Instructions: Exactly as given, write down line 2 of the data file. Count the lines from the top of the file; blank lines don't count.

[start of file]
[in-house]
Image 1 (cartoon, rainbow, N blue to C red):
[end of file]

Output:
Image 1 (cartoon, rainbow, N blue to C red):